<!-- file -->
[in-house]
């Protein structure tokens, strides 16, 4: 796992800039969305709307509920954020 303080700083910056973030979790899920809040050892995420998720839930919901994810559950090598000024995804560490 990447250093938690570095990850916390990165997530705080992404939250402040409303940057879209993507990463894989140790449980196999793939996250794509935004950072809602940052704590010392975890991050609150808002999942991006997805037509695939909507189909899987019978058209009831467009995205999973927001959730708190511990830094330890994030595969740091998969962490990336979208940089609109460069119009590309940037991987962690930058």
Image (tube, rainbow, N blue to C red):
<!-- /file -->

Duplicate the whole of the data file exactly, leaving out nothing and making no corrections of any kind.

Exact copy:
[in-house]
């Protein structure tokens, strides 16, 4: 796992800039969305709307509920954020 303080700083910056973030979790899920809040050892995420998720839930919901994810559950090598000024995804560490 990447250093938690570095990850916390990165997530705080992404939250402040409303940057879209993507990463894989140790449980196999793939996250794509935004950072809602940052704590010392975890991050609150808002999942991006997805037509695939909507189909899987019978058209009831467009995205999973927001959730708190511990830094330890994030595969740091998969962490990336979208940089609109460069119009590309940037991987962690930058």
Image (tube, rainbow, N blue to C red):